Increasingly, DAN is receiving reports of divers displaying a red or reddish-blue mottled rash after diving. Rashes can be caused by a large variety of things, such as allergy, various marine organisms, chemicals in the water, among others. However, rashes can also be associated with decompression illness and can sometimes be a useful warning signal. More serious symptoms may or may not be present or follow. Over recent years there have been numerous cases of divers who have reported mottled rashes after diving, having later been diagnosed with a patent foramen ovale (PFO). A PFO can increase the likelihood of serious decompression illness. Such a rash may disappear with oxygen breathing but divers are well advised to call a DAN Hotline and get prompt advice.

Respiratory Difficulties

Everyone should know that you must have good pulmonary (lung-related) health to participate in scuba. Difficulty breathing after a diver can represent a number of medical issues, not just barotrauma. Many things can happen during a dive that will produce breathing difficulties or even barotrauma. Respiratory symptoms are especially important for divers because they represent numerous potential injuries to and complications for the lung.

Although breathing difficulty is not a common DCI symptom, it does occur in conjunction with other symptoms. Just because divers don’t show the more common symptoms of DCI, they should maintain critical self-awareness, especially after a dive incident. It is because the lungs are vital to gas exchange and circulation that divers should not wait to call for assistance if they have sustained an injury or if a medical condition has been intensified by diving.

Besides shortness of breath, injured divers often complain of chest pain, chest burning and chest pressure. The difficulty is this: While all three terms may mean something different to the observer, they may indicate something else to a medical professional who factors in medical history and the circumstances of the dive.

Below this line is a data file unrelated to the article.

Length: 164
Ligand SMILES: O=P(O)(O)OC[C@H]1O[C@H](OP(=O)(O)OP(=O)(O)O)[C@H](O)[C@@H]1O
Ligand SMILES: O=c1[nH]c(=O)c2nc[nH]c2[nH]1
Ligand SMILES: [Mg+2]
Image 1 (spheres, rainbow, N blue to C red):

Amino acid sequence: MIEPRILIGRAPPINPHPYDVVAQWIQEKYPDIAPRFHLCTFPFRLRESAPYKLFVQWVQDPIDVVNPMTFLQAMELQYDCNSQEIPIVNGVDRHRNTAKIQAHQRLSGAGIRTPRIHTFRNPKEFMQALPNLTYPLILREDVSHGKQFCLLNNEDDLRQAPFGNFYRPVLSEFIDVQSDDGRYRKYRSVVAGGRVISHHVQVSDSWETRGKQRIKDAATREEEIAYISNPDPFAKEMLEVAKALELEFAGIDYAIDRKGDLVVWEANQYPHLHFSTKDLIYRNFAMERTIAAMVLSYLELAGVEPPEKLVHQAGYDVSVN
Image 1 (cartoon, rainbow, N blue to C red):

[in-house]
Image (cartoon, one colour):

Without appropriate diagnostic testing, a diver cannot determine whether chest pain or chest pressure is from barotrauma related to a rapid ascent, straining while underwater, a lack of fitness, a previous medical condition or the onset of a heart problem related to exertion. Don’t take chances: Call DAN or get a medical facility involved.

Get treatment, even after oxygen

Divers have reported the recurrence of serious symptoms when they received no follow-up treatment after first aid. Symptoms may have partially or even fully resolved after receiving oxygen only to recur or worsen when oxygen provision was ceased prematurely and/or there was no further treatment. (e.g. in situations where transport to a recompression facility will take some time, DAN AP often advises divers to breathe oxygen constantly for 4 to 5 hours. It is important to stay on oxygen until told to stop by a diving physician {not simply a dive instructor as is sometimes the case!}).

Why? Oxygen is just the first step in the healing process after a pressure-related dive injury: A decompression injury usually requires further treatment in the form of recompression therapy. While oxygen is the correct first aid treatment and may initially help, it is not the definitive treatment for DCI.

Act! Don’t waste time with possible self-diagnosis or by getting a consensus among your dive buddies. While serious cases are relatively infrequent, quick thinking and action by those involved can have a positive effect on the outcome of injured divers.


  • Call early if you are a diver with symptoms.
  • Boost your knowledge of what to look for through courses and careful observation.
  • Know that divers can be fooled by symptoms.
  • Oxygen first aid should be commenced as soon as possible after a dive-related illness or injury if recognised and continued until a dive medical physician advises otherwise.

The above is not a complete list of DCI symptoms, you can review other symptoms below. The list does, however, represent post-dive symptoms about which many divers may not show concern. Divers should be especially concerned when symptoms come on shortly after a dive, especially those occurring within the first hour. Use this article – and your continuing dive education – to assist you in making the decision to call for assistance when you or a dive buddy exhibit symptoms.

Common Signs and Symptoms of DCI

  • Numbness                                         
  • Headache
  • Dizziness                                             
  • Nausea
  • Pain                                                      
  • Weakness
  • Unusual fatigue       
  • Difficulty walking

Other Signs and Symptoms of DCI

  • Difficulty breathing                        
  • Visual disturbance
  • Decreased skin sensation            
  • Restlessness
  • Itching / rash                                    
  • Paralysis
  • Muscle twitching                             
  • Unconsciousness
  • Speech disturbance                       
  • Personality change
  • Altered level of consciousness  
  • Bladder / bowel problems
  • Convulsions                                       
  • Hearing loss / ringing ears